16. You don't think of Michigan as a place for tornadoes, but I saw many when I lived up there for 22 years. I think they DO deserve names! I remember one (actually, THREE) when I was just 12 that took out newly built structures on the Michigan State University campus. In one night, three tornadoes ripped through the campus. I happened to be there on a trip for 4-H and everyone was in the basements of the dorm buildings.

    Another one took out several miles of houses and pullbarns just two years ago, and killed three people my sister-in-law lived right next to, but her house went untouched.

    NAME THE TERRORS!

  17. I vote we keep things simple, as they currently are. We get the tail ends of all sorts where I live, it would never do to get all the other descriptors mixed up with the given title of the weather condition. It would end up being an enormous confused Chinese Whisper, instead of a recognisable phenomenon.

  18. I think it's a good idea to name tornadoes. People around my neck of the woods are all about relating things to names, relatives, and folks in general. So, hows about Zelpha and Aquanetta for the ladies. Seriously… I mean I couldn't make those names up.

    Uncle Funk and Terrapin for the gents?

  19. I swear. Everyone has a tornado story and it's a wonder any of us are still here to tell them.

    Maybe instead of naming them like they do hurricanes (boy, girl, boy, girl) we should leave the naming up to the person who spots it first. They do that with stars. That way you could name it after yourself or some mean mother-in-law, depending.

    Hey, this may be the only way I get one named after me. I'm reaching, here.

    And Sandy, when you're finished polishing that tornado poem up, share with us!

  20. The people my in-laws grew up with have some country folk names: Eldred, Vondell, Vergie (I believe Eldred to be a boy name; the other two girls). Skeeter can be a boy name – a buddy of mine from high school was called that.

    Here in Alabama, the tornados can be so frequent that the name list would have to be plenty long.

  21. Harvenius? Absolutely superb. Belongs right up there with Tarquin, the name I use whenever i can't think of a name. “Uh, yeah, g'day… uh, it's tarquin, isn't it?” Hit 'em with that and they'll fall over laughing, and give you their name. Next time, it's Harvenius.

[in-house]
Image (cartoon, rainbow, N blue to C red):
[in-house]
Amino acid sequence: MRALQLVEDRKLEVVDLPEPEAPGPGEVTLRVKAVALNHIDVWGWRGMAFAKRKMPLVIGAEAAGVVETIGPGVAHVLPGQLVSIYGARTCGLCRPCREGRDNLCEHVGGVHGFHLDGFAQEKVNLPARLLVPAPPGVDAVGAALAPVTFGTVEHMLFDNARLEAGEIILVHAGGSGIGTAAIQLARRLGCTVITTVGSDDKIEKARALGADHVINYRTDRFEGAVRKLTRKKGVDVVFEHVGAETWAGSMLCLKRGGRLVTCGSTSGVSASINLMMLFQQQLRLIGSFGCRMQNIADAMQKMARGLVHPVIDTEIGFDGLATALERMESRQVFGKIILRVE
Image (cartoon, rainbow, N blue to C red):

We don't get too many tornadoes here in New Zealand, and the ones we do get are tiddlers.. we have to throw 'em back after they've torn up a roof or two. Don't envy you a bit… but I do agree that naming them is an absolute necessity.

  22. Love this! Being from Kentucky, we did see a few tornadoes…and our HS mascot was the Torndado. Too true, we should definitely name though…how about Gladys Pearl and Glarin Earl (boy/girl twins from my family tree)?

  23. Ah, Jeff in Alabama, don't you fret. I've got a list long enough to circle the alphabet six or seven times over. I can't wait.

    Aotea said “tiddlers.” I'm using that from now on.

    GunDiva, hurry and come up with some. It's a sad day when New Zealand, The Land of Tiddler-Tornadoes, can come up with names that good. I'll have to step up my game.

    Glarin Earl. Camelot, that's a prize name if ever I heard one. Maybe all of our names need identifiers – Stinky Skeeter, Muddy Mabel. Like that.

  24. Twanette is far and away my favorite. Twanette can do some serious damage, I'm guessing. I'm thinking she could, for example, lift a McDonald's right off its foundation and scatter french fries across three states. They'd be finding slim taters even weeks later.

  25. I'm feeling that, MJ. I suspect a Dymple couldn't pick up a respectable snow-cone stand. We may need to do away with the alphabetical rule altogether.

    Constructive, we don't get proper hurricanes here. We do get their gully-washing leftovers, though.

  26. Oh, Monda, all I can say is that I just love ya, Girl. I laughed so hard I was crying and all I could think of was Uncle Melvin, bless his heart, holding on to the washer for dear life when the big one hit Manila back in 1997.

  27. You are so funny, Monda! I want to drive down to Arkansas and take one of your classes (oh, to be young again).

    I think tornado naming is an excellent idea, and seeing as how they mostly plague us here in the Midwest (aka Tornado Alley), the names are perfect.

    And frankly, Otha is the funniest name I've ever heard.

  28. I'll name the next one Otha in your honor, Saphron. I'd like to be young again, too. In fact, I've lied about my age so diligently I may already be young again.